Substitutionary Atonment Question.

Discussion in 'Other Christian Denominations' started by Thinkingstuff, Nov 10, 2008.

  1. Thinkingstuff

    Thinkingstuff
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    Is Substitutionary Atonment sufficient to explain what happened from the Passover Jesus celebrated with his disciples to the cross?
     
  2. Darron Steele

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    If you are including His death on the cross, I think so.
     
  3. billwald

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    I'm angry at you so I punch out my child?
     
  4. Thinkingstuff

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    I am. So you basically saying that substitutionary attonement is a sufficient explination leading to justification? Do you think that this consept by itself reflects negatively on the nature of God or his sanity?

    I'm not trying to be heretical. I'm trying to flush out some discussion on this matter and was wondering the full volume of what people think with regards to this consept of substitutionary attonement. I think that is only a part of the story with regards to justification and am wondering if it is insufficient.
     
  5. Darron Steele

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    Wow!

    Well, I think I will start by saying that I am a mortal and God is God: it is not my place to pass judgment on what God should be like. God is God, and God is Who He is regardless of what I think. You may presume for yourself the right to dictate how God ought to be; I do not dare do so.

    Second, I look around at this human race. I see the immense evil we are capable of. We are not qualified to pass judgment on what God's morality should be like. You may think we are; I do not.

    Third, a God Who takes an unyielding line against sin is a good God. A loving and compassionate God forgives those who sin even when they try to live right. A just God punishes those who live their lives obstinately doing what is wicked. Most decent people in our society have no use for a judge that lets those guilty of heinous crimes walk out of the courtroom with no real punishment. My God is no such judge; He insists that sin be punished. His way of allowing sin-infested mortals to get mercy is a staggering act of compassion.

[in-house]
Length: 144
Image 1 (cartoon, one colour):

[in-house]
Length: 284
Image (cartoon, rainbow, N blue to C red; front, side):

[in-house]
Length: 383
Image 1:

Fourth, given the depravity of humans as a whole shown throughout the ages, I think God's provision of a way to make us sinless in order to be saved is a major act of compassion -- especially given its cost. Jesus Christ, the sinless God, came to this unholy world willingly to die sinless for our sins. God the Father was willing to endure this for us rebellious sin-infested mortals so that we could become sinless and be saved from the penalty of our sins.

    In light of this, you dare to suggest that God has some sort of character flaw? The only person whose sanity I would question is yours.

    I do not have time to play this game with you. God is God and will do things as He sees fit regardless of what we think. I do not normally argue with people who think `Well, God said this, but I think ____.' I will add this: if you want to `spit in God's face' because you do not like the way He devised to give any hope of salvation to sin-infested mortals, that is too bad for you. In the end, your opinion will not matter when you face an all-powerful God, and you will bear the penalty. I hope you understand that before it is too late.
     
    #5 Darron Steele, Nov 12, 2008
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  6. Thinkingstuff

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    I think I've made myself pretty clear. You are jumping to conclusions. And what I'm questioning is not God himself but our view of him with regards to substitutionary attonment. Is our view inadequate or is Substitutioary Attonment just part of a fuller picture with regards to justification? This is what I'm getting at. I'm thinking it may be a bit simplistic.